I pass out a marshmallow to each student to complete their s'more. As I pass them out, I instruct students to remove their thermometers from the envelopes and record the new temperature. I walk around to pass out a paper towel to each student and check that they have their final temperature recorded. If they do, they get to eat their s'more. I have them eat them outside as they do get messy. The chocolate is melted and tends to run out when they begin eating.
Once s'mores are eaten, we go back inside to share results. Groups first share data with each other as each group member only recorded the data for their 2 envelopes outside. I give groups a few minutes to do the subtraction for each envelope so that they know the difference between the beginning temperature and ending temperature. After each group has the data all recorded for their group, we go around to share our findings. I ask each group to tell me the difference they found for each color.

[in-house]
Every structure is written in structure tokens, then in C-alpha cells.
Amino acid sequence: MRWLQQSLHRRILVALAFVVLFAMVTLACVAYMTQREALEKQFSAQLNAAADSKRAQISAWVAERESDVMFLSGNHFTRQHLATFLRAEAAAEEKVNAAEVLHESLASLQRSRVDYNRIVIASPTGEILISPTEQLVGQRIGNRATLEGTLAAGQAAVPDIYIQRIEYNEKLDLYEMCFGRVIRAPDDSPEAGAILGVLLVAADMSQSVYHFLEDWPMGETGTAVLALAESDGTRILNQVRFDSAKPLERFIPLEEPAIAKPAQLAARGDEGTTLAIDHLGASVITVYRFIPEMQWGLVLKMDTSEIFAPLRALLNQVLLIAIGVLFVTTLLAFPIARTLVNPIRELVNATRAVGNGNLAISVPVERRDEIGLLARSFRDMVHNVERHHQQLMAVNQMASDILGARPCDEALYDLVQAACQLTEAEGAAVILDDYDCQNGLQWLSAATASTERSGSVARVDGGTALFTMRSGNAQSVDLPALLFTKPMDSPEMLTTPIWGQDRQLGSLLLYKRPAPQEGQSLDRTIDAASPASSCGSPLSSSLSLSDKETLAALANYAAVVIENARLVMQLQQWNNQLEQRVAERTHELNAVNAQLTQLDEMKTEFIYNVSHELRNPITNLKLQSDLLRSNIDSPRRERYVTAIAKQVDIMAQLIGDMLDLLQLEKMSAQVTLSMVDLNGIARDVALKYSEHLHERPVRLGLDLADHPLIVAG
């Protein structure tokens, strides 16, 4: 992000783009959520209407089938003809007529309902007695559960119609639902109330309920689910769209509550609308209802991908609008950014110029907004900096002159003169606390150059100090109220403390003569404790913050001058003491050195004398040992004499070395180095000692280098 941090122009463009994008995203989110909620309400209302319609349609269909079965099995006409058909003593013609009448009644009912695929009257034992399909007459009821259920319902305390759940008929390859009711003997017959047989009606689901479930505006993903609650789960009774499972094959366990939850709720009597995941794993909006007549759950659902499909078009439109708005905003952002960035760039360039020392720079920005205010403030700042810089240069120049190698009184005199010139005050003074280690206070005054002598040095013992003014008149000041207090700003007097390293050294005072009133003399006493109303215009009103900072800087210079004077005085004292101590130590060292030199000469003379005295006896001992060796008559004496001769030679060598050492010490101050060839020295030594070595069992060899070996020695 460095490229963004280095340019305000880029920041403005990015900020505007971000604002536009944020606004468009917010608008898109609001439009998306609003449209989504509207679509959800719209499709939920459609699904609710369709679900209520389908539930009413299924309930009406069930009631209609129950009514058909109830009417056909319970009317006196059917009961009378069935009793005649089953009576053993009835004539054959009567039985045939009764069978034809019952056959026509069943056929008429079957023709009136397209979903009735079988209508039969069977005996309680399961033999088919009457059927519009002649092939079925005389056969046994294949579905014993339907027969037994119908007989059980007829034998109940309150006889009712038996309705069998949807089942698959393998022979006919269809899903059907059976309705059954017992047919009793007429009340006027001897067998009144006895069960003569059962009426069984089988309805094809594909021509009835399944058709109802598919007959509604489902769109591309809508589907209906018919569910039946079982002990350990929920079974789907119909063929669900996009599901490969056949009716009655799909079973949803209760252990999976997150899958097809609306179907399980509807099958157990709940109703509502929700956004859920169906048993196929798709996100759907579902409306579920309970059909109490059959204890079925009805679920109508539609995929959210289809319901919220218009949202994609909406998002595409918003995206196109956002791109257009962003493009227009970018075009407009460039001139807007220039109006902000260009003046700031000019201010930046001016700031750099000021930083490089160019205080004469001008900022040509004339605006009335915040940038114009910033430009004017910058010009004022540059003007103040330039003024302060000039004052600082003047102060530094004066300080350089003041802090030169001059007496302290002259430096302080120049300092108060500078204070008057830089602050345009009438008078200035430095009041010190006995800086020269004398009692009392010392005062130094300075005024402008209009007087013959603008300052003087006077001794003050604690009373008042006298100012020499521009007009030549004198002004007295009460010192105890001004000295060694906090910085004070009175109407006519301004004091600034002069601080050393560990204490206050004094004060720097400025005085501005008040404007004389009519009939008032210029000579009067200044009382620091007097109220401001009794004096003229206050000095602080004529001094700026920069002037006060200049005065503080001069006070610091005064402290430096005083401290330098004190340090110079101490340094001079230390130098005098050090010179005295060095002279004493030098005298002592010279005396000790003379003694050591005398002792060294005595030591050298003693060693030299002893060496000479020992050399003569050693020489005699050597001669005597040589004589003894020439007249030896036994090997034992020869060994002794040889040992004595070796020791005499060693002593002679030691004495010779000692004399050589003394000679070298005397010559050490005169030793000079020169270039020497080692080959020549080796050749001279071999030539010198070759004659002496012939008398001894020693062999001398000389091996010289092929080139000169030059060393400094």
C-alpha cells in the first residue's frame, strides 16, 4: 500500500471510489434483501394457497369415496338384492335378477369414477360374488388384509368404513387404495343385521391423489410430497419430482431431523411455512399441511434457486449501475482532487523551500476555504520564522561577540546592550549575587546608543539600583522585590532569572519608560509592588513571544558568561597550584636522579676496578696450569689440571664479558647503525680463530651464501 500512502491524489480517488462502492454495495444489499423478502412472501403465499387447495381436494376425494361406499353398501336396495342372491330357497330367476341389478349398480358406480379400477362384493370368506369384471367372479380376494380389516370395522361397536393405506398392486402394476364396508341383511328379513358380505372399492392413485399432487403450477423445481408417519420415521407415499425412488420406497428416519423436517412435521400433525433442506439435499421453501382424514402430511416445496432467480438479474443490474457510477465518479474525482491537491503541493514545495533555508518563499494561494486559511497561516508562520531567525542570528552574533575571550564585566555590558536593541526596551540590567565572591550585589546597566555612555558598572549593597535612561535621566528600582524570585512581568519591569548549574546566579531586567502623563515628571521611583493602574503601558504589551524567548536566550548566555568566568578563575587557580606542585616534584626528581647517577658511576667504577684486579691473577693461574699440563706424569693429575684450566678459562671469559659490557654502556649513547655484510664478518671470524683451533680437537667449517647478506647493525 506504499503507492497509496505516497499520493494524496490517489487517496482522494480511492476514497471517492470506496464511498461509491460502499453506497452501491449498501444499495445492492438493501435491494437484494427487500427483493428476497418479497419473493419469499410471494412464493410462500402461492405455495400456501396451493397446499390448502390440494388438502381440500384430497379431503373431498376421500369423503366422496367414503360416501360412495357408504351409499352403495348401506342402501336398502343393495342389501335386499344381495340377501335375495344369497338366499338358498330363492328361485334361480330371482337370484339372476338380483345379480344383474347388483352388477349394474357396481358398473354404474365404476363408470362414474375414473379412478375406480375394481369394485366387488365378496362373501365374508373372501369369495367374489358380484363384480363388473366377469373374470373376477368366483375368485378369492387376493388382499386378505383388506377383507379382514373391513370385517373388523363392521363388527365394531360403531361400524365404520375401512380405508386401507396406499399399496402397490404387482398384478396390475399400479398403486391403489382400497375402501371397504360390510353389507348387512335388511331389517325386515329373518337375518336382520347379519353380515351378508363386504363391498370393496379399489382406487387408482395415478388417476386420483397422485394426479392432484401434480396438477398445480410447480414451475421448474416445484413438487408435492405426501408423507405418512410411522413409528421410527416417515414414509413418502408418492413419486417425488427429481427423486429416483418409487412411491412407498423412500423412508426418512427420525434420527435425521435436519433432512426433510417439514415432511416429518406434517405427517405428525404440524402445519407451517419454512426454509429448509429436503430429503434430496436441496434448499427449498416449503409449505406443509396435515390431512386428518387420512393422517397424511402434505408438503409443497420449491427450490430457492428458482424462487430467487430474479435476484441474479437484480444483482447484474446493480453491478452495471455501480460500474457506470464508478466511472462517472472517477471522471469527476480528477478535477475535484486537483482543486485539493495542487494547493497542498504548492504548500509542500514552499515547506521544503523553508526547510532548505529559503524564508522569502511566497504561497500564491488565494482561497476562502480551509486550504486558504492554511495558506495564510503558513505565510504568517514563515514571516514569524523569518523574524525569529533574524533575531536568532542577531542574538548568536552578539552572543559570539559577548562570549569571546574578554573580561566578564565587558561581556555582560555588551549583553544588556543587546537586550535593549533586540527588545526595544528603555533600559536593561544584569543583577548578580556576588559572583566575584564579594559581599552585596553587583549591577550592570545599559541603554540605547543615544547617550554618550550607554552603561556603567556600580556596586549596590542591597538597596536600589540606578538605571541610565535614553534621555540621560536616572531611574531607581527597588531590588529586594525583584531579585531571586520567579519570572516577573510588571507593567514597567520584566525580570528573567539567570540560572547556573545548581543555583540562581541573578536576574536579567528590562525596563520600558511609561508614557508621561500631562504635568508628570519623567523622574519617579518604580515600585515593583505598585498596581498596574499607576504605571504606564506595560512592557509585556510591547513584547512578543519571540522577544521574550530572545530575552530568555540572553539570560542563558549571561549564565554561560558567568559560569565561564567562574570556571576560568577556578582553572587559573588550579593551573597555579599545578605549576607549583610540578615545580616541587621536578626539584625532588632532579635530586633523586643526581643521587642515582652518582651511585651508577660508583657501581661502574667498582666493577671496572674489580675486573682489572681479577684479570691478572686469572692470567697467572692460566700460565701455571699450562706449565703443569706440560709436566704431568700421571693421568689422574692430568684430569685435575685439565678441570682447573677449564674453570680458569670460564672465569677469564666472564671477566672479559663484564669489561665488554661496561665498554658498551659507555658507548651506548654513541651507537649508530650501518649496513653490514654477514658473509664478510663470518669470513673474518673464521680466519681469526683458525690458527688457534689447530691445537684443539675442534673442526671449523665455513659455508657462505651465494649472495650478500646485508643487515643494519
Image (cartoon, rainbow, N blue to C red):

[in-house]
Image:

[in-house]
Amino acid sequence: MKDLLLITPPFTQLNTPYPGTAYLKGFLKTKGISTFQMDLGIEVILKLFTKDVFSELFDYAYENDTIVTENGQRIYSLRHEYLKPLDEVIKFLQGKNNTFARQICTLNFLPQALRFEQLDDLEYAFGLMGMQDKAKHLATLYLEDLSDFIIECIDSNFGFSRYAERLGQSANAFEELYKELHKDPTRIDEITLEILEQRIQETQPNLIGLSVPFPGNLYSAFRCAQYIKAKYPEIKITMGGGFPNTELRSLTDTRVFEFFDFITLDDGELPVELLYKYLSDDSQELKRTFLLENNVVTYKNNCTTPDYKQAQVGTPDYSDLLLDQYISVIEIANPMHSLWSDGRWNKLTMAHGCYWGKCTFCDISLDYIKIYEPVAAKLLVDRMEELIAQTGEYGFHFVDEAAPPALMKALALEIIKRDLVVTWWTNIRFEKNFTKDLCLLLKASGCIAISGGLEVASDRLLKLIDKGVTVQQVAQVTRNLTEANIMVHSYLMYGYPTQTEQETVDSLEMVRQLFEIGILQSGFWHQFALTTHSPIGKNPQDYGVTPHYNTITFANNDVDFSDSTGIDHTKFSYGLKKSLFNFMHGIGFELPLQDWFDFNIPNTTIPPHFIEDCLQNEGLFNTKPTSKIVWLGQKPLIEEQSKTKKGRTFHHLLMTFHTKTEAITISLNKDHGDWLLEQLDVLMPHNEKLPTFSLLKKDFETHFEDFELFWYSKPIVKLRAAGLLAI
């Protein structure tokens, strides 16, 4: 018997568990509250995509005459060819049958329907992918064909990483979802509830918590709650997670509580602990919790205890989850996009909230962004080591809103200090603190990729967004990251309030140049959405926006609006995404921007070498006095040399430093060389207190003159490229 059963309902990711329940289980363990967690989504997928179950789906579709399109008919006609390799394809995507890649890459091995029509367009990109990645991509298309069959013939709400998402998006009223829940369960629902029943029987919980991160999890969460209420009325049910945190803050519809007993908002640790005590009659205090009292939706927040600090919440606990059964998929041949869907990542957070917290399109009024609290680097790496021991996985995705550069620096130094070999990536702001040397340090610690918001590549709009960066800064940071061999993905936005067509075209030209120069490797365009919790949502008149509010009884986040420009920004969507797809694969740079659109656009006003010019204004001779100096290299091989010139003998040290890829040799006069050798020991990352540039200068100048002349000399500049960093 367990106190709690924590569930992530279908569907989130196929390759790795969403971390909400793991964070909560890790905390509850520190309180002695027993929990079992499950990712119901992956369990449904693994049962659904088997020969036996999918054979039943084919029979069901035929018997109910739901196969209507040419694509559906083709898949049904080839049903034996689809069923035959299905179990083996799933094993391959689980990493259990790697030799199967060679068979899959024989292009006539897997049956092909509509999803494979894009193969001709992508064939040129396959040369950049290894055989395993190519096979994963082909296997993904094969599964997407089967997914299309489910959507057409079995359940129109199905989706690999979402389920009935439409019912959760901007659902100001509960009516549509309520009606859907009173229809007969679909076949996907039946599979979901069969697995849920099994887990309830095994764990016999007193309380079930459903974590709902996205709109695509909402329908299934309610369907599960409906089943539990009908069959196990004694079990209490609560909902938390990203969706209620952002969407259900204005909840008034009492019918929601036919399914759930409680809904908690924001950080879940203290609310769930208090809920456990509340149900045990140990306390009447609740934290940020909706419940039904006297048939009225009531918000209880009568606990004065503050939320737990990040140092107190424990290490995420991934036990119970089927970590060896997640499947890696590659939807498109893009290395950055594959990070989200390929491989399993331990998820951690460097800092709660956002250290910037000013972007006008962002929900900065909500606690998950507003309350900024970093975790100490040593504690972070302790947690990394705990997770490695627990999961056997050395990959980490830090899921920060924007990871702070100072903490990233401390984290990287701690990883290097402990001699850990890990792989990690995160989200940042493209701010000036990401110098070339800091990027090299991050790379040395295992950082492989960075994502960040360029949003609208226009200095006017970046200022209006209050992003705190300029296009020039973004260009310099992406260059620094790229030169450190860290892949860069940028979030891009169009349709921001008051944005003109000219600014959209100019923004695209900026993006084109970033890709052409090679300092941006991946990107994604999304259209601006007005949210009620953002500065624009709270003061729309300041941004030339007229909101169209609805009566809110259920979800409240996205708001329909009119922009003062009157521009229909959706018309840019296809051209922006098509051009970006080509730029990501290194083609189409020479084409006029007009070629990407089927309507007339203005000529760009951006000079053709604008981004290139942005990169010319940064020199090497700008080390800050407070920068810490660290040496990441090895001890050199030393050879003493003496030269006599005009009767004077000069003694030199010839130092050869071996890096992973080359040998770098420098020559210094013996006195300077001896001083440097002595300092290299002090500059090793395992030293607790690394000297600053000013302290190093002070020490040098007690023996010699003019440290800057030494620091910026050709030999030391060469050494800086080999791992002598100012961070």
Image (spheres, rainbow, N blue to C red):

All groups got the same results for which color heated up the most, the black. The difference for the black envelope ranged from 18 to 24 degrees between groups. I was happy to see that all groups found that the black heated up the most as this was the target for the activity, to prove the idea that black absorbs the most light, making it heat up the most. Other than the black, there really wasn't any similarity in findings for the remaining colors. Some groups found that red heated up the least, some found white, and some found green. I was surprised at these results as I figured white would show the smallest change in temperature. However, all colors other than black had very small differences between them for all groups. The differences all ranged from 9 to 12 degrees so they were all very close to each other.